Source: CapeNature

You can access the full list of CapeNature reserves and trails here.

CapeNature Announces Phased Reopening Of Its Reserves - Cape Nature Reserves Open


To ensure that stringent health, hygiene and safety protocols are upheld, all visitors entering a controlled CapeNature reserve entrance gate will be subjected to a screening process which includes the mandatory completion of a 4-step check-in process.

Visitors will need to comply with the following guidelines prior to gaining access:

  • Face masks should be worn at all times – NO MASK = NO ENTRY!
  • Disinfection of hands with sanitiser provided.
  • Scanning of body temperature. This process will be conducted in an unobtrusive manner with the highest regard for personal space, comfort, and safety of all parties.
  • Recording of visitor information as part of the Visitor Access Registration.

Additional guidelines and regulations include:

  • Reserves that have no controlled entrance gate access, it is of utmost importance that all hiking and outdoor pursuits be done in strict compliance with existing guidelines and Alert Level 3 Lockdown regulations. Hikers and visitors will need to ensure that social distancing (maintaining a physical distance of at least 1.5 metres) and health protocols are adhered to at all times.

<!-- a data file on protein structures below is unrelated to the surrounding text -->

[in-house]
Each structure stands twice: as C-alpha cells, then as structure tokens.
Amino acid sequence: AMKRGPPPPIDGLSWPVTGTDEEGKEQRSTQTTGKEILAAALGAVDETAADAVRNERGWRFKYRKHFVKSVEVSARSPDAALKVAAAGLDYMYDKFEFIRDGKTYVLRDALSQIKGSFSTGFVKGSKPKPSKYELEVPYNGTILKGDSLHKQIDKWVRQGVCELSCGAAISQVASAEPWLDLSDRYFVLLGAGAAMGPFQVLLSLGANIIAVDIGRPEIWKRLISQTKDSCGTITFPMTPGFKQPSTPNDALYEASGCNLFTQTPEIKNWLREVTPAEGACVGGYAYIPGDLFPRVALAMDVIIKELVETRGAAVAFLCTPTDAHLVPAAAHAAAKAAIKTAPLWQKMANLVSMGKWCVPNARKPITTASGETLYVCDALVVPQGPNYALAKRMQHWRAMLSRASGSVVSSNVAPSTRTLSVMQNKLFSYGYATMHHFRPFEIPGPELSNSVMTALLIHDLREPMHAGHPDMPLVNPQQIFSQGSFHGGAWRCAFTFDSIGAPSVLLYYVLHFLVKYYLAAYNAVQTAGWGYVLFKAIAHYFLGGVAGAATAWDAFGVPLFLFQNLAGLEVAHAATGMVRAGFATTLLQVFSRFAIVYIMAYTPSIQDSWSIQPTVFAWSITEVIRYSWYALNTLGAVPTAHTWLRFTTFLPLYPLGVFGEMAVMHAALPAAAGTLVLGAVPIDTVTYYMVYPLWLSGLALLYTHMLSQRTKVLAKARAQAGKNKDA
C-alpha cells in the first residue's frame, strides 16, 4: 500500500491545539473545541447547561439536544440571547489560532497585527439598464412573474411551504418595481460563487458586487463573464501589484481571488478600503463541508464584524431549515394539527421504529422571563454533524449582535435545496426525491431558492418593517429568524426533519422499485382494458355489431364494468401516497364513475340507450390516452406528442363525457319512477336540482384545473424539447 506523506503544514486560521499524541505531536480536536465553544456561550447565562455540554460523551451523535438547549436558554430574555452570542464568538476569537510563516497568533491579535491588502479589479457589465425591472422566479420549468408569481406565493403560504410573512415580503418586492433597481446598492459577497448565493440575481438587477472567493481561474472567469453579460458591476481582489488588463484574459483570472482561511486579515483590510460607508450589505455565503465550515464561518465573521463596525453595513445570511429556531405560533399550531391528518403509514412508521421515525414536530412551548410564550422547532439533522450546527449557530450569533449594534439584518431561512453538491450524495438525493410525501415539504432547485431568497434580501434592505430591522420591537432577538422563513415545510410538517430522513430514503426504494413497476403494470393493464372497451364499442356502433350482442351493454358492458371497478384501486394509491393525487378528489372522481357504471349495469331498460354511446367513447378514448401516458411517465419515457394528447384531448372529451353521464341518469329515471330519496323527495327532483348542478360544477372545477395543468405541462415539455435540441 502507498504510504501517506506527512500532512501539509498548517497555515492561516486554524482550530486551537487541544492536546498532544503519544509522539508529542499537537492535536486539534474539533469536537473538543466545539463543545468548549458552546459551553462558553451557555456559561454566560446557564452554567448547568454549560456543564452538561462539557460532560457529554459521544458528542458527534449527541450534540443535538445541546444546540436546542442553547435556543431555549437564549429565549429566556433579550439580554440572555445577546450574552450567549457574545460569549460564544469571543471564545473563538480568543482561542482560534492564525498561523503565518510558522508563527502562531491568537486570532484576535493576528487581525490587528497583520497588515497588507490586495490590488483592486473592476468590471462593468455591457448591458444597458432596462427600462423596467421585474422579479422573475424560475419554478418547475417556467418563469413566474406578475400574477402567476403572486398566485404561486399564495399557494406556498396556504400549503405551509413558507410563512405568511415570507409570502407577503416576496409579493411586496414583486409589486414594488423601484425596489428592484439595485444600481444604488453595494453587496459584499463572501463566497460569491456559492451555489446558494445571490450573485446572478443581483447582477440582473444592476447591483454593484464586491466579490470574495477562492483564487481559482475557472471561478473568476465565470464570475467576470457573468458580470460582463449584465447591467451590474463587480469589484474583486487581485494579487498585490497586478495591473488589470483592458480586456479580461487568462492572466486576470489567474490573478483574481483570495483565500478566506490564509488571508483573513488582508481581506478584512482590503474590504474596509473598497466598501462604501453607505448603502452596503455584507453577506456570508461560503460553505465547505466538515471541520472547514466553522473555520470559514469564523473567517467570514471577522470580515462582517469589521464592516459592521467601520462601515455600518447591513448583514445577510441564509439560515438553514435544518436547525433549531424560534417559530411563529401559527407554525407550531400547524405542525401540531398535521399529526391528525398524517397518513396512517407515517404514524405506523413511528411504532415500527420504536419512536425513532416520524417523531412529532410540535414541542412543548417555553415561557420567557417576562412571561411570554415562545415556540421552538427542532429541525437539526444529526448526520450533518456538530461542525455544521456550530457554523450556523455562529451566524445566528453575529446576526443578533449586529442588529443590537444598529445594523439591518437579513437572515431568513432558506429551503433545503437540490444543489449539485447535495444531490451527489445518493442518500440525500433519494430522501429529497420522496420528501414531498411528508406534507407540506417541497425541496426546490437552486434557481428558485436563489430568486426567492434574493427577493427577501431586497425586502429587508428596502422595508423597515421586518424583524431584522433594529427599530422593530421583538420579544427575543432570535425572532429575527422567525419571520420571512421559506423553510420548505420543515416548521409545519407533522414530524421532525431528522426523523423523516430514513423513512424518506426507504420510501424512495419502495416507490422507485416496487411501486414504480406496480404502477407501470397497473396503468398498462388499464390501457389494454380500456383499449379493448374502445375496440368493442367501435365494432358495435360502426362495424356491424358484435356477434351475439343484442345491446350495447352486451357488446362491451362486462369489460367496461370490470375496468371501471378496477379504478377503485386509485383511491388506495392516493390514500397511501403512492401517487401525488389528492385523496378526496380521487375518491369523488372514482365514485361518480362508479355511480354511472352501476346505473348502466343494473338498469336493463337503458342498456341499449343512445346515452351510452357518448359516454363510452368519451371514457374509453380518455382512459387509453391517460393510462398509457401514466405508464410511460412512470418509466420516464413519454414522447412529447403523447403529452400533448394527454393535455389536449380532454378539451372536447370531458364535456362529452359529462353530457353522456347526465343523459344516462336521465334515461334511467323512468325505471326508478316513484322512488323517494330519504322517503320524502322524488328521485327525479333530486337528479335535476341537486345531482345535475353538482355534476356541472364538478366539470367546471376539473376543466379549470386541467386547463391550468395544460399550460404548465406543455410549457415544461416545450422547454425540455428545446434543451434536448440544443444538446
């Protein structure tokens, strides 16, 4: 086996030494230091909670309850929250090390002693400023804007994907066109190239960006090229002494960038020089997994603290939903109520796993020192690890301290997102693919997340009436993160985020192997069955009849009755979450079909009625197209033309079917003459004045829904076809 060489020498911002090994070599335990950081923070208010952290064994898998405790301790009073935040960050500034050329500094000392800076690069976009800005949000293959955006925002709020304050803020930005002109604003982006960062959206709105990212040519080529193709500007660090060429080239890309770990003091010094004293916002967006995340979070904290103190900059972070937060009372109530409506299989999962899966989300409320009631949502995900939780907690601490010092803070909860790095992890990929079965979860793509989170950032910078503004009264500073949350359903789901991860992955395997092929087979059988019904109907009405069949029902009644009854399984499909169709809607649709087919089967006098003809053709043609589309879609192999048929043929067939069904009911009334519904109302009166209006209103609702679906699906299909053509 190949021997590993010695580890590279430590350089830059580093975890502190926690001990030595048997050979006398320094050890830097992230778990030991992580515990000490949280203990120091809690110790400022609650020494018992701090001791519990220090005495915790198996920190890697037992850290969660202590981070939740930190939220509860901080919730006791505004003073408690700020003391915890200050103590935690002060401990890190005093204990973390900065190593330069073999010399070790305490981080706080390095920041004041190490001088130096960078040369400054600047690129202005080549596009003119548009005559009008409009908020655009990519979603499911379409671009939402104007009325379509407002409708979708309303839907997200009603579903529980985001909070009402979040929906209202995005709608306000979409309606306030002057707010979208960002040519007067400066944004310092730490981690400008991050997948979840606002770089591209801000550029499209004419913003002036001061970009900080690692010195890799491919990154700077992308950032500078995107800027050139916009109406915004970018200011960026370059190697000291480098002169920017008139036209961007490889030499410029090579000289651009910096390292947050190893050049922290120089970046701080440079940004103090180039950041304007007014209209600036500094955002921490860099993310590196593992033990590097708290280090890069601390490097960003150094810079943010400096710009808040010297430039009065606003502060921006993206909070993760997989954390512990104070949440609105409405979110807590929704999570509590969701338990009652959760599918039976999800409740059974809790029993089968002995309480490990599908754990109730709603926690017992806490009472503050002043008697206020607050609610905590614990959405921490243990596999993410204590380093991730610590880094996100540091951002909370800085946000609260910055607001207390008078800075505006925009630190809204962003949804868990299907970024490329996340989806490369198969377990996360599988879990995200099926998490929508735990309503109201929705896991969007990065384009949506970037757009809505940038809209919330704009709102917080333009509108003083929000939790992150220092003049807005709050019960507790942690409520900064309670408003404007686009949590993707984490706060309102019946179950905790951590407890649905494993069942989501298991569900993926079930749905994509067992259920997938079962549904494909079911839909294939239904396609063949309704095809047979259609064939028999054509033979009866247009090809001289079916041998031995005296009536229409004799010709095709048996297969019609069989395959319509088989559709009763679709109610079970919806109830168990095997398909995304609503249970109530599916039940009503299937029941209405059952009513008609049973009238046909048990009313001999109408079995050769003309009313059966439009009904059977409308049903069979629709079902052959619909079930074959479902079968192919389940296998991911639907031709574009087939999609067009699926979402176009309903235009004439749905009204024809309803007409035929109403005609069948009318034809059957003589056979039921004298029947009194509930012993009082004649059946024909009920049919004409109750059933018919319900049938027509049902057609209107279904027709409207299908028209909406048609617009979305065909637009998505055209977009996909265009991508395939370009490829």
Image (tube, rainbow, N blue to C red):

• No organised groups will be allowed access to the trails, visitors are encouraged to hike in pairs.
  • No overnight hiking, picnicking, camping or overnight stays will be allowed.
  • All fishing, including recreational fishing, will be permitted with the exception of charter fishing.
  • All anglers and hikers must ensure that they have a valid permit. Any member of the public that is found without a valid hiking or fishing permit will be issued with a fine.
  • To book your hiking permit call 087 087 8250 | To book your fishing permit, read more here or call 087 087 9262


Visitor health and safety is CapeNature’s top priority. This has called for a fundamental shift in operations. To ensure that these regulations are upheld and to further aid in curbing the spread of COVID-19, no hiking or fishing permits will be sold at the CapeNature entrance gates. Permits will only be available for purchase online and via the Contact Centre under Alert Level 3 conditions. Wild Card members will also need to register for a permit online, however no additional fees will be charged.

Bookings for educational eco-venues and overnight accommodation bookings will remain closed. The CapeNature online booking portal is however open for future bookings. For more information regarding CapeNature’s full COVID-19 Booking terms and conditions, visit the CapeNature website here.

If you require any additional information or have any further questions regarding CapeNature’s phased reopening of its reserves across the Western Cape as well as its operations during Alert Level 3 Lockdown regulations, a list of Frequently Asked Questions (FAQs) can be found here.

CapeNature’s 4-Step Check-in Process

Cape Nature Open Reserves Corona CoVid-19
Photo credit: CapeNature